The only priority rule at roundabouts is that entering drivers must yield to those already in the roundabout. Every entrance has a yield sign to remind entering drivers of this responsibility.
I learned the rule as "yield to the right." Is that correct?
Not in Oregon. Even at all-way stops in Oregon, there is no rule for drivers to yield to the right. After stopping at a stop sign, drivers are required to yield to ANY vehicle in the intersection or approaching so closely as to constitute an immediate hazard during the time when the driver is moving across or within the intersection.
At roundabouts in the USA, traffic circulates counter-clockwise, so it will be coming towards you from your left. Yield at the entry to circulating traffic. This requires you to yield to traffic on your left. Enter the roundabout when a safe gap exists.
Is a roundabout like a 4-way stop?
A driver at an all-way stop is required to stop before entering the intersection and is required to yield the right of way to any other vehicles that pose an immediate hazard.
At roundabouts, drivers are required to yield the right of way to all circulating vehicles, which may or may not require them to stop before entering the intersection.
Do I get a turn to go?
Roundabouts are not like 4-way stops. You do not get a turn to go. You may only enter the roundabout when there is a safe gap in the traffic flow.
Do I have to stop at the yield signs?
It depends on the amount of traffic already in the roundabout. When there is a lot of traffic, you will probably have to stop. Ideally, however, you should try to judge a smooth entry into the traffic stream without stopping. You should always be traveling slowly enough to stop for pedestrians and other traffic as necessary.
What is the appropriate speed to drive through a roundabout?
Single lane roundabouts are designed for speeds less than 15 to 20 mph due to their turning radii and traffic conditions may require even slower speeds than these.
Multi-lane roundabouts have similar design speeds due to their geometry, but their speeds will vary more depending on traffic conditions. Drivers should proceed slowly enough to allow entry drivers the ability to take advantage of gaps in the traffic stream to enter the roundabout smoothly and efficiently. Drivers should drive slowly enough to be able to stop at any time for pedestrians or other traffic.
How large of a gap do I need?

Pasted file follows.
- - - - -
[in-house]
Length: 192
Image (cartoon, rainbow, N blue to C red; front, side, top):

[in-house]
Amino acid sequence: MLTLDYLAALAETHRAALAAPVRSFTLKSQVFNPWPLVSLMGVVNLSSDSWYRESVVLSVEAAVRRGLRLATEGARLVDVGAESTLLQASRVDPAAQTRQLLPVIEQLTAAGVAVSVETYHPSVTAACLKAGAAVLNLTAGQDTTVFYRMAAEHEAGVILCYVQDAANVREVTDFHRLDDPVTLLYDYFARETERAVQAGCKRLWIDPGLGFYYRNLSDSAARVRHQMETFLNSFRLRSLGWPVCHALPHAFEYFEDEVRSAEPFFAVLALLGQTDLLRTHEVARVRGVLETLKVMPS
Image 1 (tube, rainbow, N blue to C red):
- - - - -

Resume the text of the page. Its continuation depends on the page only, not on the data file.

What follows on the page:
You will have to use your own judgment based on the vehicle you are driving, the weather conditions, and traffic flow around you. It is always your responsibility to select a safe gap before you cross your yield line.
Is it OK to "let someone in?"
The goal is smoothly and efficiently flowing traffic. The more slowly you drive and the more uniform everyone's speeds are, the easier it is for drivers to merge into the traffic stream and use gaps in traffic efficiently. This increases the capacity of the roundabout and reduces the delay for all users.
You should not stop in the circulatory roadway with the intention of allowing an entering vehicle into the roundabout ahead of you. Yield-at-entry is the only operations rule observed at roundabouts.
In the case of emergency vehicles, drivers should clear the intersection before they pull over to the right and stop. This means that drivers should not stop in the circulatory roadway to let an emergency vehicle enter. Rather, they should stop before entering the roundabout prior to the yield line, or they should pull through the roundabout and stop after they have cleared the intersection.
I know the rule is "do not stop inside the roundabout." What should I do when someone else stops inside the roundabout?
Be patient. Wait for them and make sure they go first. You should not change lanes within an intersection and roundabouts are no exception. With more experience, all drivers gain enough confidence so they will not stop inside the roundabout.
Don't let a driver who stops in the circulatory roadway convince you to enter in front of them. Practice the yield-at-entry rule at all times.
What do I do when the driver in front of me is too timid at the yield line?
Be patient and wait for them to choose their safe gap. Try to avoid honking your horn because it tends to cause timid drivers to make mistakes.
Can I block the marked pedestrian crosswalks?
Your vehicle may not block the passage of pedestrians at an intersection. You must determine that there will be sufficient space on the other side of the marked crosswalk before you move forward to occupy that space.